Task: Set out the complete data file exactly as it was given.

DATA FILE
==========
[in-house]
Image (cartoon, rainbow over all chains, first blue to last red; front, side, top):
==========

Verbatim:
[in-house]
Image (cartoon, rainbow over all chains, first blue to last red; front, side, top):